My work is largely ethnographic and is meant to give shape and form to various

contemporary issues including healthcare struggles, media bias, police brutality, war,

femininity and sexual representation. Many of my pieces are quite large and meticulously

overworked in a nearly obsessive manner. Some also have collage elements that consist

of separate drawings, which are then cut out and pieced together to form the composition.

I believe the manner of image creation is important, and symbolic of the internal mindset

created when confronting or rationalizing the issue being illustrated.

In the past I had been focusing on various disparate elements working together to

form a narrative space. It all started with the “Standard Deviation” series, 70 printed

works from the combination and reorganization of roughly 350 linocuts. These works

juxtaposed human elements and object representations to form a single environment that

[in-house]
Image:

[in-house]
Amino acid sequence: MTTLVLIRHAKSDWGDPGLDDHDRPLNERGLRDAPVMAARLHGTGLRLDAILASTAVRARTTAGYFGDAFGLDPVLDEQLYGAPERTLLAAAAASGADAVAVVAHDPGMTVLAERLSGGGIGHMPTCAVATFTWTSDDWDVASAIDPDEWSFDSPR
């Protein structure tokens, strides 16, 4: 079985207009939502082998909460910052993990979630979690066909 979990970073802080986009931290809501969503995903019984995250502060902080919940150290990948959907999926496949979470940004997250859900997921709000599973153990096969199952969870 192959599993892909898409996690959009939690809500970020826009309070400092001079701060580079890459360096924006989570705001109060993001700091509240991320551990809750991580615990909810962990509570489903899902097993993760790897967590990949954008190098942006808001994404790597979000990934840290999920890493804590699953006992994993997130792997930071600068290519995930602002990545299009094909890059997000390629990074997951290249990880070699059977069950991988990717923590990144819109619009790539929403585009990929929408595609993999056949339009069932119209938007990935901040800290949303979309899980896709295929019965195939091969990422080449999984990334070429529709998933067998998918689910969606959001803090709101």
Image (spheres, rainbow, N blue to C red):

was a snapshot of everyday human mythologies and experiences. As this process

evolved, my drawings would often explore a symbolic and literal destruction and

regrowth. Images would be mashed together, deeply layered, cut through, and warped;

and even the paper itself would sometimes be hand made from documents, trash, and

other materials from the world around me. Remnants of personal relics, ashes of loved

ones, grass, and blood were integrated into the fibers of the paper during its creation to

help form an artifact that is unique and deeply personal in nature. They reflect my

personal anxieties in today’s political climate, and often take a new look at traditional

themes such as proverbs or myths.